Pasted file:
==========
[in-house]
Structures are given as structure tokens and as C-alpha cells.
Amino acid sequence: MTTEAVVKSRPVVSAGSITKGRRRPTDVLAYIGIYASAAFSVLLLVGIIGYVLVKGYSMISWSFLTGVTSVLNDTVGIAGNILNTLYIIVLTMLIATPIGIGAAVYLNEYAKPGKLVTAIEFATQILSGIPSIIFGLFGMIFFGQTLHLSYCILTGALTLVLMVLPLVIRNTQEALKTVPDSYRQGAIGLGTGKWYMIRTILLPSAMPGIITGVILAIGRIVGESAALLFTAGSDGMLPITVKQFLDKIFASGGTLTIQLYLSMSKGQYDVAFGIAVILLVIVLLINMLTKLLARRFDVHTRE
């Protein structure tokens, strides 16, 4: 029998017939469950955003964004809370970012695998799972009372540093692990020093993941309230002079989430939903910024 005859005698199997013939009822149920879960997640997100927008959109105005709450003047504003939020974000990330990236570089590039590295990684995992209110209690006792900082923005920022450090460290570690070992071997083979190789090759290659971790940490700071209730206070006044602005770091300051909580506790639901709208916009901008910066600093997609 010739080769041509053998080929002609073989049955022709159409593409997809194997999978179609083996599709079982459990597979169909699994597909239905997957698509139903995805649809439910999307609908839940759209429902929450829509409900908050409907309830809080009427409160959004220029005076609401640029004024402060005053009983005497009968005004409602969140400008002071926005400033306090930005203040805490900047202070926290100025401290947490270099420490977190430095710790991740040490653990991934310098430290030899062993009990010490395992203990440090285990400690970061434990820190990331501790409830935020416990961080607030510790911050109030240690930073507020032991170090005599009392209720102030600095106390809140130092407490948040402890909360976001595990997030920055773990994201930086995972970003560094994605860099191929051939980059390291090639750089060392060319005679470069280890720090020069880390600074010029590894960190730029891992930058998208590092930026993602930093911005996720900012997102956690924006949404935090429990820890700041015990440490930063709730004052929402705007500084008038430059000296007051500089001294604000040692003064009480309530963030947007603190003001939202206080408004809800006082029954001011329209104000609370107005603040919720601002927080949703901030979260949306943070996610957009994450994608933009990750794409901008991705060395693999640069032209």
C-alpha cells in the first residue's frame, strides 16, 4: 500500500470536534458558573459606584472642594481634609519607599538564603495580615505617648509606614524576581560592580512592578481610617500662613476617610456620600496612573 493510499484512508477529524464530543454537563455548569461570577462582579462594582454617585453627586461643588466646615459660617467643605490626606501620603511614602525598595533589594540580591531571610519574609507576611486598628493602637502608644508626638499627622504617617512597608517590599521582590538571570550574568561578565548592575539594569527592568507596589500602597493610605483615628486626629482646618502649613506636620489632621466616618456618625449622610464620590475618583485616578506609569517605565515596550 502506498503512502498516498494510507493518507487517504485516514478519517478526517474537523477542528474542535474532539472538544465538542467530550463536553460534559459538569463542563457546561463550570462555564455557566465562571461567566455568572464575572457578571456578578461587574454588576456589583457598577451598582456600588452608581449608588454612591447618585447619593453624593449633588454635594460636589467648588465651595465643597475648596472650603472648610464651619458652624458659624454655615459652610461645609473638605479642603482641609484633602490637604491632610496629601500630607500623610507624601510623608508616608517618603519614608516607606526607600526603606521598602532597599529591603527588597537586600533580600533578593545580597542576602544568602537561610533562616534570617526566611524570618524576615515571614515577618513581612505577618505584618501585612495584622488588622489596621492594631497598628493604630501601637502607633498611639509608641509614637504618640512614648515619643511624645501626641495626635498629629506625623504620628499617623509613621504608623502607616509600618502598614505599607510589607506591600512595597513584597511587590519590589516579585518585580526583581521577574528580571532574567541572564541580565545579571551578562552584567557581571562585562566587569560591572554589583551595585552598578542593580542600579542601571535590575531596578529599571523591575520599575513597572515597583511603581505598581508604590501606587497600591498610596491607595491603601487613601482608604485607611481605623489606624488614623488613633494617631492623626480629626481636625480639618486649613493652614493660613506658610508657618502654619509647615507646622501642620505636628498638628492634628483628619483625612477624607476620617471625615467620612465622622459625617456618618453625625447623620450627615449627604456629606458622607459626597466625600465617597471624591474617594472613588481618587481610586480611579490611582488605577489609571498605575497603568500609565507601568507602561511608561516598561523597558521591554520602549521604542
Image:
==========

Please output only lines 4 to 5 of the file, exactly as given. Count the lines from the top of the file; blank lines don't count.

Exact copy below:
């Protein structure tokens, strides 16, 4: 029998017939469950955003964004809370970012695998799972009372540093692990020093993941309230002079989430939903910024 005859005698199997013939009822149920879960997640997100927008959109105005709450003047504003939020974000990330990236570089590039590295990684995992209110209690006792900082923005920022450090460290570690070992071997083979190789090759290659971790940490700071209730206070006044602005770091300051909580506790639901709208916009901008910066600093997609 010739080769041509053998080929002609073989049955022709159409593409997809194997999978179609083996599709079982459990597979169909699994597909239905997957698509139903995805649809439910999307609908839940759209429902929450829509409900908050409907309830809080009427409160959004220029005076609401640029004024402060005053009983005497009968005004409602969140400008002071926005400033306090930005203040805490900047202070926290100025401290947490270099420490977190430095710790991740040490653990991934310098430290030899062993009990010490395992203990440090285990400690970061434990820190990331501790409830935020416990961080607030510790911050109030240690930073507020032991170090005599009392209720102030600095106390809140130092407490948040402890909360976001595990997030920055773990994201930086995972970003560094994605860099191929051939980059390291090639750089060392060319005679470069280890720090020069880390600074010029590894960190730029891992930058998208590092930026993602930093911005996720900012997102956690924006949404935090429990820890700041015990440490930063709730004052929402705007500084008038430059000296007051500089001294604000040692003064009480309530963030947007603190003001939202206080408004809800006082029954001011329209104000609370107005603040919720601002927080949703901030979260949306943070996610957009994450994608933009990750794409901008991705060395693999640069032209």
C-alpha cells in the first residue's frame, strides 16, 4: 500500500470536534458558573459606584472642594481634609519607599538564603495580615505617648509606614524576581560592580512592578481610617500662613476617610456620600496612573 493510499484512508477529524464530543454537563455548569461570577462582579462594582454617585453627586461643588466646615459660617467643605490626606501620603511614602525598595533589594540580591531571610519574609507576611486598628493602637502608644508626638499627622504617617512597608517590599521582590538571570550574568561578565548592575539594569527592568507596589500602597493610605483615628486626629482646618502649613506636620489632621466616618456618625449622610464620590475618583485616578506609569517605565515596550 502506498503512502498516498494510507493518507487517504485516514478519517478526517474537523477542528474542535474532539472538544465538542467530550463536553460534559459538569463542563457546561463550570462555564455557566465562571461567566455568572464575572457578571456578578461587574454588576456589583457598577451598582456600588452608581449608588454612591447618585447619593453624593449633588454635594460636589467648588465651595465643597475648596472650603472648610464651619458652624458659624454655615459652610461645609473638605479642603482641609484633602490637604491632610496629601500630607500623610507624601510623608508616608517618603519614608516607606526607600526603606521598602532597599529591603527588597537586600533580600533578593545580597542576602544568602537561610533562616534570617526566611524570618524576615515571614515577618513581612505577618505584618501585612495584622488588622489596621492594631497598628493604630501601637502607633498611639509608641509614637504618640512614648515619643511624645501626641495626635498629629506625623504620628499617623509613621504608623502607616509600618502598614505599607510589607506591600512595597513584597511587590519590589516579585518585580526583581521577574528580571532574567541572564541580565545579571551578562552584567557581571562585562566587569560591572554589583551595585552598578542593580542600579542601571535590575531596578529599571523591575520599575513597572515597583511603581505598581508604590501606587497600591498610596491607595491603601487613601482608604485607611481605623489606624488614623488613633494617631492623626480629626481636625480639618486649613493652614493660613506658610508657618502654619509647615507646622501642620505636628498638628492634628483628619483625612477624607476620617471625615467620612465622622459625617456618618453625625447623620450627615449627604456629606458622607459626597466625600465617597471624591474617594472613588481618587481610586480611579490611582488605577489609571498605575497603568500609565507601568507602561511608561516598561523597558521591554520602549521604542